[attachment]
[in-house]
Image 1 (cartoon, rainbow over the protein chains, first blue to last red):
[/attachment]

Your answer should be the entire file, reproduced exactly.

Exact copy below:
[in-house]
Image 1 (cartoon, rainbow over the protein chains, first blue to last red):